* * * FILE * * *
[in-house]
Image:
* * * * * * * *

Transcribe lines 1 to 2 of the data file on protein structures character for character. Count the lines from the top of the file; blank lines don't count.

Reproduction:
[in-house]
Image: